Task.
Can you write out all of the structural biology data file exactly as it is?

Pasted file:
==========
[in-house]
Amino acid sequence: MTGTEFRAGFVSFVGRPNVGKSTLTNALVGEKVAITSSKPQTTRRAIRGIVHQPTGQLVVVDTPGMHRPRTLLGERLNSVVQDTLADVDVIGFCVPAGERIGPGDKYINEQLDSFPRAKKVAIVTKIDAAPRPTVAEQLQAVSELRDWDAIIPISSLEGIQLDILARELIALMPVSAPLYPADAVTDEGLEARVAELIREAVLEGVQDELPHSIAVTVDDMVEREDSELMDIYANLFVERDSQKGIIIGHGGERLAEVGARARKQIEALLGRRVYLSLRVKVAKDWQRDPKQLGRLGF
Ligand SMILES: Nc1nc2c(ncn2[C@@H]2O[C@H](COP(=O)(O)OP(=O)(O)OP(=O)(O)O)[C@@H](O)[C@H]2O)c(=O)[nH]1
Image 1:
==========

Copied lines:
[in-house]
Amino acid sequence: MTGTEFRAGFVSFVGRPNVGKSTLTNALVGEKVAITSSKPQTTRRAIRGIVHQPTGQLVVVDTPGMHRPRTLLGERLNSVVQDTLADVDVIGFCVPAGERIGPGDKYINEQLDSFPRAKKVAIVTKIDAAPRPTVAEQLQAVSELRDWDAIIPISSLEGIQLDILARELIALMPVSAPLYPADAVTDEGLEARVAELIREAVLEGVQDELPHSIAVTVDDMVEREDSELMDIYANLFVERDSQKGIIIGHGGERLAEVGARARKQIEALLGRRVYLSLRVKVAKDWQRDPKQLGRLGF
Ligand SMILES: Nc1nc2c(ncn2[C@@H]2O[C@H](COP(=O)(O)OP(=O)(O)OP(=O)(O)O)[C@@H](O)[C@H]2O)c(=O)[nH]1
Image 1: